Using his master’s degree in environmental engineering and chemistry from Johns Hopkins University in Baltimore, Maryland, a degree he obtained while still on active duty, Lazarus worked on environmental cleanups of abandoned hazardous waste sites and environmental assessments for federal facilities. He also provided engineering consulting services to the coal industry.
His career took another turn in 1996 when he received a call asking if he would be interested in becoming Newark’s engineering director.
Newark was a city in distress, Lazarus said, and the engineering department was suffering from mismanagement and corruption.
Over the next four years, Lazarus said, he and his team were able to turn things around. During that time, they completed the New Jersey Performing Arts Center, Riverfront Stadium and other high-profile projects.
He said they restored the reputation of the department and laid the foundation for expansion of light rail service and construction of Prudential Arena.
“We worked with New Jersey Transit on an extension from the Newark airport to downtown,” he said of the light rail project. “I did help lay the framework for that, and that is successful and it’s up and running.”
Lazarus said he learned from his time in Newark that local government can have enormous impacts on a community’s quality of life.
After leaving Newark in 2000, Lazarus returned to the private sector, working for Shaw Environmental and Shaw Housing Privatization Ventures.
During his eight years there, he worked on outsourcing of campus functions for governmental agencies and the development of a business addressing housing and utilities privatization for the U.S. military.
From 2003 to 2005, he worked to execute a $312 million public-private development of 2,242 homes on a military reservation in south central Missouri, including affordable housing components. He coordinated design, demolition, construction, property management and community relations activities, and solicited and closed financing of $220 million in private bonds.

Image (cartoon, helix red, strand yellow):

He eventually decided to return to public service, taking a job as Austin’s public works director in 2008. By that time, his daughters were in college.
Lazarus said the eight years he and his wife spent in Austin were exceptional, and he once again had the opportunity to turn around a troubled organization.
“The public works department when I got there had some challenges,” he said. “It had financial challenges in that its fund balances were all negative. There was a lack of confidence in the leadership. There were ethnic tensions between the Hispanic and African American workers in our field operations group, and a lot of the engineers and project managers were demoralized.”
Lazarus said community relations weren’t good, either, and there were suspicions whenever the department did anything.
“And the department was not well respected by its peer organizations within the city government,” he added. “I think we turned those things around. The department is on good financial footing now. Our street and bridge crews are well motivated. We put in a lot of effort to their training and career progression. We worked with AFSCME and we worked with the NAACP to get some help in putting in some career progression initiatives and training programs.”
Last year, he said, his department went through a process to become accredited by the American Public Works Association.
“We went through that process in a way where it engaged the entire workforce, so everyone felt a stake in the outcome,” he said.
In addition to his duties running the public works department in Austin, Lazarus served as an ex-officio member of the city’s Planning Commission, Regional Mobility Committee and Construction Advisory Committee. And for most of 2010, he was Austin’s interim assistant city manager.
Lazarus said he knows how to prepare budgets, develop personnel programs and policies, engage with neighborhood and trade associations, serve on boards of intergovernmental entities, manage relationships with elected officials, oversee information-technology initiatives, and partner on public-private ventures
He said his department in Austin executed an annual program of more than $400 million, including a $91 million operating budget, a $39 million departmental capital improvement program, and $280 million worth of work for other agencies.
He developed an $85 million program to accelerate road reconstruction projects as a means to spur job creation in Austin. He also developed and implemented an initiative that encourages Austin neighborhood groups to work with the city to advance small-scale projects of community interest, including community art, trails, community gardens, sidewalks and pocket parks.
He also was responsible for design, construction and management of a number of large-scale projects in Austin, including a $500 million water treatment plant, a $120 million downtown flood-control tunnel, a $120 million central library, a $35 million downtown wastewater tunnel and the city’s Great Streets program.
He played a lead role in developing bicycle and pedestrian facilities, leading to Austin being named a gold-level city by the League of American Bicyclists.
Lazarus believes Austinites and Ann Arborites share a common trait in that they practice “advanced citizenship” and want to be engaged with their local governments. He said he takes special interest in meeting with different community groups and those relationships have been essential in advancing difficult projects and ensuring awareness of sensitive issues.